Nicole Hayworth: Exactly. They all have the same amount of information. They’ve all been prepared to what, what to expect per interview, which I can, A, take away a little bit of nervousness. Right? Because it’s always stressful to go into an interview with who’s going to be your boss and then you don’t know what’s going to be thrown at you. So if I can say, Hey, this interview with your boss, your future boss is just going to be around your skillset and how your skillset can pertain to this best interview, that’s the only kind of questions that they’re going to ask you. Or this call is just based on these four key values that we have just to make sure there’s an alignment between your core values and our core values. And then it can enable them to come in and like you said, be their best self because we want everybody to succeed in the interview process.

That might not be a hire, but you should leave an interview feeling like, gosh, I did really well. I might not get this job, but I feel really good about that. And I was well prepared and I felt like I could bring my true self because what we want to hire is your true self, not your interview self, but your true self because that’s who we’re going to end up seeing when you’re an employee.

Stephanie Forbes: I think that’s what I love about our talent team. They have evolved a whole lot. They have put in the work. They have thought about the different questions. They thought about the process because they want to treat each person as an individual and not a number, like you said before. And, um, they have excelled so much. And I just love that they’re, they’re really. thinking about each individual person, about the managers. The managers are great. They’re asking, well, what more can I do? How can I help look for X, Y, and Z? You know, they are very engaged and involved. So they have done an amazing job.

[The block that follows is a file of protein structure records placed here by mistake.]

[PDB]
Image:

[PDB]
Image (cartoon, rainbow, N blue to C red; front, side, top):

Mike Iannelli: So as we’re talking about staffing, we’re talking about hiring. Have you had an experience when you’ve interviewed folks with disabilities? 

Nicole Hayworth: Mhm, for sure, we’ve hired some. 

Mike Iannelli: For those who can’t see my face just lit up, but, uh, I want to hear about that. And I also want to hear about how you two work together in that. And then truthfully, how, because you’re Director of Portfolio, right? 

Marc Stracuzza: Yeah. 

Mike Iannelli: You’re probably, so you’re on the, you’re on the execution side of this. So you’re leading the inclusion efforts and DEI efforts for the, the organization, you’re taking this information and deploying that in how you execute hiring and staffing and growing the organization. And those individuals that you’re hiring and staffing are coming into people like you to support your organization and your team.